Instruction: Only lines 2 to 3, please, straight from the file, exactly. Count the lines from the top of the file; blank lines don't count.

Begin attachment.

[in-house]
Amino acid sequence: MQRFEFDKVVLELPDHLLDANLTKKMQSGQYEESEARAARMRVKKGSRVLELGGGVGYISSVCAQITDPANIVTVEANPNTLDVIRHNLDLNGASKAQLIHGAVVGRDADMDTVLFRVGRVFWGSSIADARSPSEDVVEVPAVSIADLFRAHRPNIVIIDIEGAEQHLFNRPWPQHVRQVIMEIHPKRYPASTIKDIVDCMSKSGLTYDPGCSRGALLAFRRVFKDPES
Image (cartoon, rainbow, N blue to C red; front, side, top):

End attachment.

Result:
Amino acid sequence: MQRFEFDKVVLELPDHLLDANLTKKMQSGQYEESEARAARMRVKKGSRVLELGGGVGYISSVCAQITDPANIVTVEANPNTLDVIRHNLDLNGASKAQLIHGAVVGRDADMDTVLFRVGRVFWGSSIADARSPSEDVVEVPAVSIADLFRAHRPNIVIIDIEGAEQHLFNRPWPQHVRQVIMEIHPKRYPASTIKDIVDCMSKSGLTYDPGCSRGALLAFRRVFKDPES
Image (cartoon, rainbow, N blue to C red; front, side, top):